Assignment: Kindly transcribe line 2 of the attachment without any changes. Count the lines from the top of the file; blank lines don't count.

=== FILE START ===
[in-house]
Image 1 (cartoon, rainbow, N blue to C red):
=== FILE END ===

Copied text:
Image 1 (cartoon, rainbow, N blue to C red):